At the high-octane Iowa Writers' Workshop, small-town Charlotte is thrilled and confounded by her relationship with charismatic and sophisticated Esmé: One moment, Esmé appears to be Charlotte's most intimate friend; the next, her rival. After a tumultuous weekend, Charlotte's insecurities and her resentment toward Esmé reach a fever pitch. Blindly, Charlotte strikes out-in an act of betrayal that ultimately unleashes a cascade of calamities on her own head.Writing
Twenty years later, Charlotte is a successful novelist. A much-changed Esmé appears, bringing the past that Charlotte grieved over, and believed buried, to the doorstep of Charlotte and her beloved husband. Charlotte finds herself both frightened and charmed. Though she yearns to redeem the old friendship and her transgression, she is wary-and rightly so.
As Good As Dead performs an exquisitely tuned psychological high-wire act as it explores the dangers that lie in wait when trust is poisoned by secrets and fears.
For the most part, I think the writing here was nicely done. I think the author did a fantastic job of capturing the characters, up until the end. And maybe my critique of the end belongs more in the entertainment value portion of the review. The problem I had was with a character who basically abdicates all personal responsibility to her husband and allows him to solve her problems for her. I'm not sure whether I can legitimately consider this a writing issue, because it is in line with how the character behaves historically, but it ultimately means that our protagonist shows absolutely no growth. It's something I'd love to discuss with the author and perhaps understand better. Are we meant to see that Charlotte hasn't changed at all from her graduate school days and has learned nothing from her experience with Esme or is that a flaw in the writing? From what I can tell, we are meant to sympathize with Charlotte, which leads me to lean more towards a flaw in characterization.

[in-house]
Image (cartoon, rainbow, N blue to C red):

Again, I thoroughly enjoyed the story until the ending, where I felt like rather than resolve the open ended tension and conflict with Esme, Charlotte hides behind her husband. The result is a let down, as you spend the majority of the novel expecting a much more dramatic and satisfying conclusion after everything that builds up over the course of the novel. I loved the college setting and the elements of writing and academia throughout, and I did find the book to be engrossing, but it was ultimately unsatisfying.
I'd say read it if the academic setting or the novel's themes of writing as a profession, writing workshop experiences, etc. are particularly appealing. If you're expecting something with high drama or dark overtones, that's not exactly what you'll find. It's more of a character study centered around women's relationships in a competitive environment. If the setting or the idea of female competition don't attract you, I think this is one you'll want to skip.
Thanks to NetGalley for providing me with a copy to review.